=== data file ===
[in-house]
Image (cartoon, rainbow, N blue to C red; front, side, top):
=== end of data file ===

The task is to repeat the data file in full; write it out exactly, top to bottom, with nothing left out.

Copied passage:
[in-house]
Image (cartoon, rainbow, N blue to C red; front, side, top):